Ibuprofen

Ibuprofen, like antifreeze, may smell sweet. Dogs will eat it if they’re found lying on the floor and don’t be surprised if your dog tries to chew threw a bottle to eat the entire contents. This is definitely toxic to dogs. It causes ulceration and perforates the lining of the stomach, and decreases the blood flow to the kidneys.

Macadamia Nuts

Macadamia nuts, while generally not considered fatal, can cause your dog to experience severe illness. The actual toxin is not known, nor is the mechanism of toxicity. Ingestion of just a handful of nuts can cause adverse effects in any dog.

Macadamia Nut Toxicity Symptoms in Dogs:

Signs include vomiting, weakness, depression, drunken gait, joint/muscle pain, and joint swelling. Onset of signs typically occurs within 6-24 hours.

Dogs are typically treated symptomatically and recover within 24-48 hours. In-hospital supportive care may be recommend for dogs that become very sick.

Mushrooms

Can contain toxins, which may affect multiple systems in the body, cause shock, and result in death. Wild mushrooms can cause abdominal pain, drooling, liver damage, kidney damage, vomiting, diarrhea, convulsions, coma, or death.

Nutmeg

Can cause tremors, seizures and death.

Onions and Garlic

Onions can cause a form of hemolytic anemia called Heinz body anemia, a condition that causes the destruction of red blood cells. Kidney damage may follow.

Toxicity may occur from similar foods such as garlic and chives.

It is not clear what quantity of onions is poisonous, but the effects can be cumulative. Poisoning can result from raw, cooked and dehydrated forms. Avoid feeding table scraps and any foods cooked with onions (including some baby foods). Check your ingredients!

Onion Toxicity Symptoms in Dogs:

Signs are secondary to anemia, such as pale gums, rapid heart rate, weakness and lethargy. Other signs include vomiting, diarrhea, and bloody urine.

Treatment: blood transfusions and/or oxygen administration may be necessary, followed by specific fluid therapy.

Raw fish

Regular ingestion of raw fish can result to thiamine deficiency that would lead to loss of appetite, seizures and in worst cases could result to the death of the dog.

Rhubarb Leaves

Contain oxalates, which can affect the digestive, nervous, and urinary systems.

Rotten or Moldy Foods

Moldy or rotten foods can cause many problems for your dog, some more serious than others. Any food that seems “past its prime” should be kept out reach. Be especially careful to keep your dog away from trash cans.

Botulism, often from garbage, can cause paralysis, slow heart rate, constipation, and urine retention. An antitoxin is effective only if poisoning is caught early enough.

Rotten fruit produces ethanol, causing the same effects associated with alcohol or dough ingestion.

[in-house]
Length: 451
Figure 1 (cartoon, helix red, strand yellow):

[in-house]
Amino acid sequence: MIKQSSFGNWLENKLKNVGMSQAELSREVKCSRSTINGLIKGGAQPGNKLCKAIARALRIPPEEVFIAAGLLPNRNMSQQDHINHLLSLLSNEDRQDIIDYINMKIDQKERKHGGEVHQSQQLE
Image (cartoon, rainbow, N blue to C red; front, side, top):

Moldy foods contain toxins that may cause muscle tremors, convulsions and drunkenness.

Therapy depends on the toxin. Your vet may induce vomiting. Sometimes, treatment includes activated charcoal. Supportive care with fluids and medications is often necessary.

Tobacco

Contains nicotine, which affects the digestive and nervous systems. Can result in rapid heart beat, collapse, coma, and death.

Walnuts

Walnuts are poisonous to dogs.

Xylitol

Xylitol is a sugar-free sweetener most often found in chewing gum and candy. In dogs, it stimulates the pancreas to secrete insulin, resulting in hypoglycemia (low blood sugar). Xylitol ingestion can also cause severe liver damage.

As few as two pieces of gum can be hypoglycemia to a 20 pound dog. A pack of gum can cause liver damage.

Xylitol Toxicity Symptoms in Dogs:

Signs of toxicity can occur within 30-60 minutes and include weakness, drunken gait, collapse and seizures.

Your vet may induce vomiting or perform gastric lavage. The affected dog will likely need to be treated intravenously with dextrose (sugar) and monitored closely for 1-2 days. Many dogs improve with supportive care if treated early enough, though liver damage can be permanent.

Other Foods to Avoid

Certain foods, while not considered toxic, can still be unhealthy for your dog. Avoid any foods that are high in fat, sugar or sodium. These foods can contribute to indigestion, obesity, dehydration, electrolyte imbalance and more.

Dairy products may be difficult for dogs to digest. Corn cobs and bones can cause GI obstruction. Cooked bones may splinter and break easily, risking GI damage.

Like people, too much junk food can cause poor condition and decreased energy. Remember that your dog is smaller than you and may be sensitive. What seems like “just a bite” for you is more like a small meal for your dog. If you want to feed homemade food, seek advice from your vet. You may wish to meet with a nutritionist for diet recommendations.

 

Disclaimer: All content provided on Dogful.com, is meant only for educational purposes on health care and medical issues that may affect animals or pets and should never be used to replace professional veterinary care from a licensed veterinarian. This site and its services do not constitute the practice of any veterinarian or other medical health care practitioner’s advice, diagnosis or treatment.